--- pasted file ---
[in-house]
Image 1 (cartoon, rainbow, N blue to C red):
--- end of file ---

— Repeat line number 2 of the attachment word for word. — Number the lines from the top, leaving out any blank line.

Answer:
Image 1 (cartoon, rainbow, N blue to C red):